What began in California has quickly spread to Pennsylvania.
A day after California signed its "Fair Pay to Play Act" that will eventually allow college athletes to make money off of their name, image and likeness, two lawmakers are looking to bring the same legislation to the Keystone State under the same title.
State Reps. Dan Miller and Ed Gainey, both Democrats from Allegheny County, announced their intentions Tuesday to create a bill that would "largely mirror" California's, which is projected to take effect Jan. 1, 2023, against heavy opposition from the NCAA, which wants to keep its current model intact.
Except in rare corner cases, college athletes are not allowed to make money from endorsements and remain eligible to play in NCAA competition.
"Athletes are forced to give up their rights and economic freedom while the colleges make hundreds of millions of dollars off of their talent and likeness," Miller said in a release. "This bill would help to balance the scales by allowing them to sign endorsements, earn compensation, and hire agents to represent their interests in exchange for the work they do, and the benefit provided to the college."
"Our student-athletes give their blood, sweat and tears to a sport they love, while colleges, universities and corporations reap the financial benefits of their work," Gainey said in a release. "If a college football head coach can earn $4.8 million for coaching 'amateur student-athletes,' and if corporations can earn billions of dollars using the players' names and faces, then how is it not fair for them to earn some sort of financial compensation?
"The chances of a professional contract and thus a payout for all of their hard work and pain are tiny, and we owe it to them to level the playing field."
Penn State impact: That $4.8 million figure is roughly what Penn State coach James Franklin -- Pennsylvania's highest-paid state employee -- made for the 2018 season, according to his contract. And Franklin's Nittany Lions program would be the most heavily affected by such a bill, which promises to revolutionize college sports, particularly major college football and basketball.
Giving his weekly press conference just as the proposed bill was being announced, Franklin didn't offer any strong opinions one way or the other.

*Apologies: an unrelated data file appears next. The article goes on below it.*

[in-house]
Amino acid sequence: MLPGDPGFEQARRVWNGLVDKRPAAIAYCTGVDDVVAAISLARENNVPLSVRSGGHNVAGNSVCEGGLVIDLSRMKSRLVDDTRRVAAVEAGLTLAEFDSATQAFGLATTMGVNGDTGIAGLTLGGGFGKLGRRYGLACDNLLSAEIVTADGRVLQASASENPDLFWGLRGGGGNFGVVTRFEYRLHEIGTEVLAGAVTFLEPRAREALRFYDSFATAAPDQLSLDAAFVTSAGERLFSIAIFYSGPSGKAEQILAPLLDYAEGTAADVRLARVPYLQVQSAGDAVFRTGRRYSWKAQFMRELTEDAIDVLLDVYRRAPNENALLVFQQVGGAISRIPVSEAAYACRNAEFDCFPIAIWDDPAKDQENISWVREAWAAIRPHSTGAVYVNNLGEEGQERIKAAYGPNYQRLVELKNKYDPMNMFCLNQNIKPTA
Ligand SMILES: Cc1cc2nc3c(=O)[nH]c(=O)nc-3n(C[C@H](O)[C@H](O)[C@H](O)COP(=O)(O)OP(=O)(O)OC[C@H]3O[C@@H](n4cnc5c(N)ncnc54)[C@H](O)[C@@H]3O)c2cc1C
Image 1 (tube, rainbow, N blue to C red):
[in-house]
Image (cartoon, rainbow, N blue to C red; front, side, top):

"Yeah, obviously there's a lot going on about this right now, and obviously our administration here at Penn State, as well as the Big Ten Conference, is all following this closely," Franklin said. "And we're going to have to continue to follow it closely, and we're going to have to learn and we're going to have to evolve.
"So I think everybody is very aware of it, and we'll continue to track and obviously come up with some plans that are specific to Penn State, as well as plans for the Big Ten Conference. There's a window of time we've got to get it done in, but there's no doubt that's a lot of people working on it right now."
Big Ten opposition: It is notable, however, that he didn't come out in opposition to the idea, as others in the Big Ten have. One of the bill's staunchest opponents has been Ohio State athletic director Gene Smith, who last month threatened that the Buckeyes would no longer schedule schools from California in any sports.
"What we can't have is situations where we have schools and/or states with different rules for an organization that's going to compete together," Smith told ESPN Tuesday. "It can't happen; it's not reality. And if that happens, what we need is federal help to try to make sure we create rules and regulations for all of our memberships that are consistent. And if that doesn't happen, then we're looking at a whole new model."
Smith is helping lead an NCAA group examining the issue and will be presenting options in a report later this month.
"I'm very much aligned with Gene on this issue," Buckeyes football coach Ryan Day said Tuesday. "And I understand that it's very complex, and I think it's an exciting issue for student-athletes. But I'm interested to see kind of where it goes and the talks that happen.
"I do definitely think that there's opportunity out there for these guys, but at the same time, it's not that easy. There's a history of college football that has been around for a long time, and I know everybody is sensitive to not turn that off into a bad road."